[0002] This invention relates generally to medical devices that employ lasers. More particularly, this invention relates to an improved hand-held laser light generator device.

BACKGROUND

[0003] Low energy laser therapy (LLLT) is used in the treatment of a broad range of conditions. LLLT improves wound healing, reduces edema, and relieves pain of various etiologies, including successful application post-operatively to liposuction to reduce inflammation and pain. LLLT is also used during liposuction procedures to facilitate removal of fat by causing intracellular fat to be released into the interstice. It is also used in the treatment and repair of injured muscles and tendons.

[0004] LLLT utilizes low level laser energy, that is, the treatment has a dose rate that causes no immediate detectable temperature rise of the treated tissue and no macroscopically visible changes in tissue structure. Consequently, the treated and surrounding tissue is not heated and is not damaged. There are a number of variables in laser therapy including the wavelength of the laser beam, the area impinged by the laser beam, laser energy, pulse width, treatment duration and tissue characteristics. The success of each therapy depends on the relationship and combination of these variables. For example, liposuction may be facilitated with one regimen utilizing a given wavelength and treatment duration, whereas pain may be treated with a regimen utilizing a different wavelength and treatment duration, and inflammation a third regimen. Specific devices are known in the art for each type of therapy.

[0005] Often it is desirable to treat a patient for multiple types of problems during a single treatment. Because specific therapies require different regimen, treating multiple problems currently requires multiple laser devices. It is desirable to provide a device that enables multiple types of treatments with a single device. It is also desirable to be able to provide multiple treatments simultaneously with a single device.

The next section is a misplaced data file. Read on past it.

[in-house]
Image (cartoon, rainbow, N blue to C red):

[0006] Therefore, an object of this invention is to provide a laser therapy device that enables multiple types of treatments. It is another object to provide a single device that provides these treatments simultaneously. It is another object of this invention to provide an apparatus that can simultaneously emit multiple beams of laser light. It is another object of this invention to provide an apparatus that can simultaneously emit laser light in multiple different pulse widths. It is a further object of this invention to provide an apparatus that can simultaneously emit laser light in multiple beam shapes and spot sizes. It is a particular object of this invention to provide a hand-held therapeutic laser device to provide low level laser therapy which can be used to simultaneously facilitate liposuction, treat post-operative inflammation, and post-operative pain.

SUMMARY OF THE INVENTION

[0007] This invention is an improved hand-held laser device that can simultaneously provide multiple types of low level laser therapy treatments. The device enables laser light of different pulse widths, different beam shapes and spot sizes to be applied externally to a patient's body. The device includes multiple laser sources. In the preferred embodiment, two semiconductor diode laser sources simultaneously provide two separate laser beams, one laser beam producing a line of continuous red laser light and the other producing a spot of pulsed laser light.

BRIEF DESCRIPTION OF THE DRAWINGS

[0008]FIG. 1 is an electrical schematic illustration of a preferred embodiment of the present invention.

[0009]FIG. 2 is a schematic view of the optical arrangement of the linear spot shape of the preferred embodiment.

[0010]FIG. 3 is a schematic view of the optical arrangement of the circular spot shape of the preferred embodiment.

[0011]FIG. 4 is a schematic illustration of application of low-level laser radiation using the preferred embodiment of the present invention.

DETAILED DESCRIPTION OF THE INVENTION

[0012] Referring to the drawings, there is illustrated a hand-held laser device designated generally as 10. The device includes a plurality of laser energy sources, a power source, an optical arrangement, a wand, and a control circuit.

[0013]FIG. 1 shows the preferred embodiment in which a first laser energy source 11 and a second energy source 12 are connected to a power source 13. The power source preferably provides direct current, such as that provided by a battery, but may instead provide alternating current such as that provided by conventional building current that is then converted to direct current. Separate control means 15, 16 are connected to the laser energy sources 11, 12 respectively and act as on/off switches to control the period of time the laser light is generated. These laser energy sources can be energized independently or simultaneously which, throughout this specification, refers to acts occurring at generally at the same time.